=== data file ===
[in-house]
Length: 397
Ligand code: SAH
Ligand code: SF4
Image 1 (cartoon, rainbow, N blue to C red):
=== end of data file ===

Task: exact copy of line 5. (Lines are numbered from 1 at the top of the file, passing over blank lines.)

Image 1 (cartoon, rainbow, N blue to C red):